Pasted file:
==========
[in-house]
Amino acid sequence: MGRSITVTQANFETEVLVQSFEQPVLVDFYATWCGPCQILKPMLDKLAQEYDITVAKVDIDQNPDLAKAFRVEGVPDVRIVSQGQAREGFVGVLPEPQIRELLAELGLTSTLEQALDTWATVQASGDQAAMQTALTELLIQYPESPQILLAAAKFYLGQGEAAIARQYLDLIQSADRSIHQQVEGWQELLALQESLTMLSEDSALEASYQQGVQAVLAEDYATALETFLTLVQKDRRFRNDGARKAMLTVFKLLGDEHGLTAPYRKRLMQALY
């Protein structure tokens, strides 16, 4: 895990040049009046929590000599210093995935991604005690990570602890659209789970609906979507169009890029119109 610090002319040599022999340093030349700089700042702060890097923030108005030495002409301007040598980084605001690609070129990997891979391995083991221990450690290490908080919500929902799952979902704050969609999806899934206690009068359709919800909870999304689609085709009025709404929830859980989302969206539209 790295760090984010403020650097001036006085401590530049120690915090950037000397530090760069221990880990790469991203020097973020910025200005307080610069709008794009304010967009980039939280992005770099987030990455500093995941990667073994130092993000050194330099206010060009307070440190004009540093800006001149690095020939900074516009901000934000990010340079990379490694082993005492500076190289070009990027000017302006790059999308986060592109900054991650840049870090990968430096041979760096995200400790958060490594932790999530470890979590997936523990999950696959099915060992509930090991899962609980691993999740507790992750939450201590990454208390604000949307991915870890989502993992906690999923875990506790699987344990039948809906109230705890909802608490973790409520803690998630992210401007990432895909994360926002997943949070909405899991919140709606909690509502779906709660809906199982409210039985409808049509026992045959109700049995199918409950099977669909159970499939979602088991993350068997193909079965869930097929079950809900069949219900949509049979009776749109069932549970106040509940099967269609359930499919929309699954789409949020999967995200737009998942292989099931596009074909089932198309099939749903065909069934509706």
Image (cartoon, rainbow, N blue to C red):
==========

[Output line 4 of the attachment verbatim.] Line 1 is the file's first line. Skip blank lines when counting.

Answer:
Image (cartoon, rainbow, N blue to C red):